Viewing 8 reply threads
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    • #118862
      Daff
      Participant

      I cant sleep, i just can’t seem to turn off. My brain goes into overload at night, remembering things, worried about whats going to happen next. Has anyone got any tips to turn off

    • #118863
      GreenSapphire
      Participant

      I think it’s probably personal to what suits the person but for me, I find and have found listening to rain, nature and white noise sounds helpful. They are free on YouTube. I have also found listening to talks by specific people very soothing and calming too. I listen to spiritual speakers such as Eckhart Tolle, which is also free on YouTube and this has helped a lot.

      I’m sure others will have found different things helpful to them.

    • #118864
      gettingtired
      Participant

      I agree, listening to crashing waves is very soothing I find x

    • #118894
      Hawthorn
      Participant

      Hi Daff,

      It’s so hard to switch off isn’t it? The same track playing on a loop round and round. A couple of things to try that I found helpful;
      1. Make time in the day (aim for at least 30mins but any amount will help) where you just sit in a quiet room. No phone, no radio or tv, at most ticking clock. And just be. Let your thoughts go where they will. You have so much to process and pushing it away all the time just means it will crop up when you’re finally in your quiet bedroom trying to sleep. Then when it is night time you can tell yourself; no. I’m not thinking about this now. I’ll think about this in my quiet time tomorrow. I used to visualise actually pushing my ex out of my bedroom and closing the door behind him. This takes time and practice but will help if you persist with it.

      2. Good sleep hygiene ie Avoid caffeine after lunch, no screens or tv in bed. Read a book instead. Try to go to bed and get up at similar times every day. Avoid alcohol as it might help you drop off but can cause rebound anxiety, waking you up in the middle of the night feeling anxious.

      3. Try journaling your feelings a couple of hours before bed but avoid re-reading your entries. Then put the journal away and tell yourself; that’s dealt with for today.

      4. A warm bath with Epsom salts and some lavender and some fresh pjs before bed, or a warm shower.

      5. I find restorative yoga really helpful to wind down too, theres some good youtube videos you can follow.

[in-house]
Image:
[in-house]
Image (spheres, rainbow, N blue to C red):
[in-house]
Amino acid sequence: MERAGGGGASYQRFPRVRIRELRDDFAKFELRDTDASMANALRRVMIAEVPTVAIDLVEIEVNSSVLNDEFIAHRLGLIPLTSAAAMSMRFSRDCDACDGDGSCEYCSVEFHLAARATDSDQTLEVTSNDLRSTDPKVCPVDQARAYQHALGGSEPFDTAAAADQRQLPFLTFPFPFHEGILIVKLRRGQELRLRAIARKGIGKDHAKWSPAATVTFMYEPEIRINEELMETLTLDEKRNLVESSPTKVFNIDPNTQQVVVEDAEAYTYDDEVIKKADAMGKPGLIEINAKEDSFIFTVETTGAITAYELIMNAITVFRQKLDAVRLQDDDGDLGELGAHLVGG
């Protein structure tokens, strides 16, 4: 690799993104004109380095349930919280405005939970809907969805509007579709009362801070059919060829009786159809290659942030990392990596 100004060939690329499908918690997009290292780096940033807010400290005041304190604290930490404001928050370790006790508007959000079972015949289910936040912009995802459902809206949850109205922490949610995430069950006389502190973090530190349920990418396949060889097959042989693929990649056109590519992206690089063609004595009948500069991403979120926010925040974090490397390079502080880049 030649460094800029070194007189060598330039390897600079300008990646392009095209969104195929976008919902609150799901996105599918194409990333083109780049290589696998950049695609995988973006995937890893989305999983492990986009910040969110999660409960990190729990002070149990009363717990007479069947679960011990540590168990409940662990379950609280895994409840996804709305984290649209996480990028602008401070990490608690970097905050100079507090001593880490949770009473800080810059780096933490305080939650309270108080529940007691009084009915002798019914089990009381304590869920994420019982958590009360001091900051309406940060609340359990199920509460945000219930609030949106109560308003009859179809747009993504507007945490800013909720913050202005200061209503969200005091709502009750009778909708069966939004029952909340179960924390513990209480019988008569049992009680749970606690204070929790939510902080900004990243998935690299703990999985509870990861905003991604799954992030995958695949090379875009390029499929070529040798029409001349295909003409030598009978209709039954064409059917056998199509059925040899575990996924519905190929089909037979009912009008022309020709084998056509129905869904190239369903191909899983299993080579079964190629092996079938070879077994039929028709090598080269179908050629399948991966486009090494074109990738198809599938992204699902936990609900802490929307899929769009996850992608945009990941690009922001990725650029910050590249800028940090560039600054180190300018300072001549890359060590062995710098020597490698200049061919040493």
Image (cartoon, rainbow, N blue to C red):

Be very kind to yourself. Sometimes when your mind is racing there’s no point in fighting it. I used to find getting up and looking at the stars or listening to the rain for a while was better than thrashing around in the bed and I could usually sleep when I went back.This too will pass. You wont always feel like this xx

    • #119006
      Lottieblue
      Participant

      I put on Classic FM with a timer. I find the music at that time is generally relaxing and the speaking puts words inside my head other than my own. I agree, it’s very personal, but that’s what works for me – any radio station really x

    • #119007
      Lottieblue
      Participant

      Oh yes, and I second the bath, too, but add a candle with your favourite fragrance. It makes you feel good within yourself and therefore in a happier place for getting to sleep.

      • #119008
        gettingtired
        Participant

        Yes love a good candle 😊 I literally held my lavender candle under my nose last night inhaling the fumes 😹 Probably not advised but the smell was soothing. Also I like putting a few drops of lavender oil on my pillow x

    • #119012
      Eggshells
      Participant

      A guided meditation aimed specifically at sleep works for me. I use the “insight timer”. Its free and his thousands of meditations. If you’re really strughling, don’t be afraid to get something from your GP to tide you over. Lack of sleep can make you feel more anxious do if its an ongoing problem, its worth asking for help.

    • #119015
      KIP.
      Participant

      Try keeping a pad and pen next to your bed and writing your thoughts down. Getting up in the morning and going to bed at the same time each night helps. These intrusive thoughts don’t last forever. It’s your brain trying to sort through what’s been happening. I take an antihistamine because they make me drowsy and help me to sleep but your GP may be able to prescribe you something short term x

    • #119031
      Hetty
      Participant

      I’ve generally always been good at switching off and self care but after leaving, several weeks in, my mind was racing like I’d never experienced. Not just worries, but whole chunks of my childhood whizzing through my mind. I wrote it all down. I kept a pen and paper by my bed and just wrote and wrote and cried then ripped it up and put it into the bin. I’m sleeping better again now. I love lavender oil and I like to read in bed xx

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